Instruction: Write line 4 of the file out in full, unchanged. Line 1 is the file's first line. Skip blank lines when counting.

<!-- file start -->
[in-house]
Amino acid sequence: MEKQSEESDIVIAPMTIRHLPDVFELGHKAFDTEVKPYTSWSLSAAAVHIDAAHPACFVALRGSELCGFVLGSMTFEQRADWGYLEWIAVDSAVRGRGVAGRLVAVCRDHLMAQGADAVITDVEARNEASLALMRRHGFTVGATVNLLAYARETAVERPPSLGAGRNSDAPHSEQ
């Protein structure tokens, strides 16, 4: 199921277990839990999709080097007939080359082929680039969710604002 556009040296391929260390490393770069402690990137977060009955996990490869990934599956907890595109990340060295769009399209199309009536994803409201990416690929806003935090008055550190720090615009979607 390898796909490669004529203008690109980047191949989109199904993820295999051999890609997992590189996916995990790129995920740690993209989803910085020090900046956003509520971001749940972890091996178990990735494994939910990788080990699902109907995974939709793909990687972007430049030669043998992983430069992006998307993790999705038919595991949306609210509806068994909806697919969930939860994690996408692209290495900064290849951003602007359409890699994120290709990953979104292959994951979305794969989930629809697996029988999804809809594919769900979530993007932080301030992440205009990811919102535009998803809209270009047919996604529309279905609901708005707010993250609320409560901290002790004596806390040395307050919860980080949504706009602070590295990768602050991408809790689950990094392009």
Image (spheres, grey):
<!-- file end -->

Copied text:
Image (spheres, grey):